22 December, 2007

Why do whales get the bends?

Everybody knows that whales are those creatures which can dive extremely deep; the Cuvier’s beaked whale is the winner, diving deep down to 2000 meters in search of prey, the deepest depth known for any mammal.
That’s why scientists are having trouble explaining why, in response to naval sonar testing, this champion cetacean sometimes succumbs to the same decompression sickness that afflicts scuba divers.
A new mathematical model suggests that, by replicating the sounds of a predator, sonar forces the whale to adopt a risky diving pattern.

Diving whale
Diving whale

It is not clear why the sonar interferes which the orients of the animals, which frequently causes them to strand. Some marine biologists suspect that the intense sound waves generated by the sonar, force whales to bolt to the surface, causing the build up of tiny nitrogen bubbles, which expands in the whales’ tissues and damages vital organs. This same phenomenon causes scuba divers the bends. The odd part is, that a whale regularly holds its breath when diving, preventing nitrogen buildup, so the theory didn’t seem to hold water. A group of marine biologists of the Woods Hole Oceanographic Institution in Massachusetts suspected that whales alter their diving behaviour in some other way.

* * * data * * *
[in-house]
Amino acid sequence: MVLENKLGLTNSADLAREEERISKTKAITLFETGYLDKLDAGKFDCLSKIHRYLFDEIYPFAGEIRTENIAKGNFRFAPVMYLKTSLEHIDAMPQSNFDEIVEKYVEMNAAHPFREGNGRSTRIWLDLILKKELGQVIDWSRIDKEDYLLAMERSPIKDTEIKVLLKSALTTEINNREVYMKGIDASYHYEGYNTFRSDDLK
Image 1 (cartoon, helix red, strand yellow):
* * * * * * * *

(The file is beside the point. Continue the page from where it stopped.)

To evade predators, whales make repeated shallow dives. This could be considered risky, especially because naval sonar – which is similar in frequency to the calls of the beaked whale’s most feared adversary, the killer whale – could be forcing the whales to adopt a similar diving pattern. This led to the mathematically analyzed dive behaviour in Cuvier’s beaked whales and in dolphins to test whether nitrogen bubbles could expand in whale-tissue during repeated shallow dives. The team included known physiological data into their model, showing how the bubble size might increase in the circulatory system, brain, muscles and fat tissues when a whale dives repeatedly to between 30 and 80 meters for as long as 3 hours.

The lungs of marine mammals collapse, during normal diving behaviour, when they plunge past 72 meters in depth. This results in prevention of nitrogen infiltrating the bloodstream. The team’s model predicts that if the whales’ lungs do not collapse during a long series of shallow dives, the increased pressure can cause nitrogen bubbles to diffuse into tissues, increasing the risk of bubble formation on ascent. Limiting the duration of sonar testing may prevent the animals from diving in these harmful patterns, the team concluded.